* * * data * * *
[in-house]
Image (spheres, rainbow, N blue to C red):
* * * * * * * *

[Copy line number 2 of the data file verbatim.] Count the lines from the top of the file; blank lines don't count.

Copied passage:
Image (spheres, rainbow, N blue to C red):